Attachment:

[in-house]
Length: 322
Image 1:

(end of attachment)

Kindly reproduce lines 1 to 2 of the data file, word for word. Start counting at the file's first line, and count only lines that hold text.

[in-house]
Length: 322